J’ai voulu donner la parole à Elliot et Abigaël pour nous raconter leurs expériences à l’école et au collège. Ils ont volontairement écrit en anglais. Elliot parle de ses progrès en français, des délicieux repas à la cantine et de la nourriture française en général (!), de son stage de voile puis du collège en particulier : plus de devoirs et de leçons à apprendre, mais aussi de son succès auprès de ses camarades qui lui demandent de l’aide en anglais ! Il s’amuse aussi un peu de la prononciation de l’anglais en France ! Il a participé à un spectacle du collège, où il a chanté (voir lien ci-dessous) et a été très applaudi des profs et des élèves ! Du coup maintenant tout le monde le connait, d’autant que c’est lui qui a commencé la mode du Rubik’s cuble il y a quelques mois ! Enfin, Elliot parle des BD françaises, qu’il apprécie bien, mais aussi des auteurs français qu’il a commencé à lire comme Victor Hugo, Guy de Maupassant ou encore Fred Vargas. Il dit que ça lui aura pris un peu de temps, mais maintenant la vie en France, c’est « super cool ».
Quant à Abigaël, elle explique qu’il n’y a pas d’uniforme à l’école et qu’elle ne travaille pas le mercredi après-midi, ni le samedi. Le mardi, ils ont « TAP », des activités organisées par la Mairie, comme de la voile, collection de timbres, VTT et même Espéranto ! A l’école elle a aussi fait de la dance, de l’acrosport, du handball, mais aussi des jeux de groupe comme « poules, renards, vipères » ou la tèque. Elle a mis un petit extrait de la dernière poésie qu’elle a dû apprendre de Charles Péguy, sur les châteaux de la Loire. Elle vient en effet d’y faire une visite avec sa classe. Elle a beaucoup apprécié et du coup est aussi devenue incollable sur la Renaissance ! Elle parle aussi de leurs projets de sciences et de la journée citoyenne. Elle veut aussi remercier sa maîtresse, Régine, qui l’a beaucoup aidée depuis la rentrée et elle finit en disant que, même si l’Angleterre lui manque, elle trouve la France « super ». N’hésitez pas à regarder les photos ci-dessous (celles des châteaux ne sont pas les miennes !) et les liens et si vous voulez une traduction plus en détails, envoyez-moi un message. Merci !
I thought I’d give Elliot and Abigaël the opportunity to tell us about their schools and school life in Brittany. Over to you guys! (Although many are mine, we borrowed some of the photos off the Internet!)
Throughout this journey, I have learnt a lot, let me tell you all about it!
Well, this is pretty much the obvious: ever since I was born my Mum spoke to me in French as I grew up, although when I went to school I wasn’t using my French-speaking skills very often, so I have found it very difficult to adapt into the language. But so far, I feel that I have learnt more French than I’ve had in my thirteen years of living in England, so I pretty much have the hang of it by now. Yes, there is still some difficulty with Grammar and Spelling, but I’m getting there.
I have found the French food amazing. I eat at the canteen at school, which consists of a 3-course meal with bread and cheese! We regularly eat steak, fish, chicken, beef bourguignon, it’s all delicious. Everything seems to have a different taste here, even if it is something you can get in England (well, it won’t always be the same make). And don’t think that I have been stuffing myself with snails because I have no intention to! Besides, I’ve found that the French only eat snails, crab, lobster or frog legs (as shown left!) in fancy restaurants or for special occasions, not on a daily basis. Here, we also have a real definition of our ‘daily bread’. Dad often likes to pop down into our local bakery to fetch a fresh baguette or two. And it’s so much nicer than the stuff you get in ASDA!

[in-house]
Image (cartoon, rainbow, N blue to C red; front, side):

Sports has been extremely interesting: since we live on the coast I have signed up for a sailing club every Wednesday afternoons (we have no school Wednesday afternoons, ha ha!) and we do catamaran, windsurfing, optimist and kayaking when there’s no wind! I now know how to sail and I love it!
Handball is very popular here and all over France, as well as football, tennis and basketball. I practice of all these sports at school and I’m part of the Athletics after school club: I really enjoy long distance track and field. Turns out, I‘m one of the fastest boys in my year in the 100m and long distance thanks to my excellent training in the UK!
Collège (Y7-Y10 Secondary School) has been fun ever since I started. All my friends have been very welcoming. We’ve invented a handshake called ‘La Tèque’: two taps on the right hand, a fist bump, and then a dab. I’m pretty much famous among the entire school (with about 400 students and 50 members of staff). In the French learning program, I find myself doing more theory. For intense, we need to re-read and memorise our lessons so that at exam time, we wouldn’t fail one question. They even give us surprise tests! A lot of questions about England from numerous comrades have come my way, and many are asking help for their English exams, so it is quite hectic! I have also proved myself an expert in Scratch programming in ICT and have been able to help my fellow students. I have also started a craze in the school – The Rubik’s Cube. I began learning how to solve it in October 2016, and soon others began to follow. My record today with a professional speed-solver cube is 29 seconds! Others in my school have done 20-25 seconds for a 3×3, and one of my friends can solve it blindfolded in a minute!
I have taken part in a talent show organised by the school, called « Carte Blanche ». I sang Seven Years, by Lukas Graham. I was encouraged to join after many praised my voice and I am now even more popular at school! We were suprised that out of the songs or tunes played that evening, all were in English! Nowadays French indeed seem to love using English words in their everyday life, but the thing is when they try to speak it, it doesn’t sound right. For example, they say ‘Zee old oos’ for « the old house », can you imagine? Once, I spent half of the Art lesson trying to make my class and teacher say ‘The Remake Project’. They still haven’t got it!
French literature is a little challenging, but I enjoy a lot of the comics, (very good comics, I might add), including Tintin, Astérix, Lucky Luke, Les Légendaires and Les Tuniques Blues. I have also discovered some French authors like Guy de Maupassant, Victor Hugo or Théophile Gauthier. But also a more modern one like Fred Vargas (« Part vite et revient tard »). I really enjoy French music too: I am a fan of Black M, a French rapper of North African origin who became famous all over Europe with his first hit ‘Sur Ma Route‘. Google him to have a look ;-).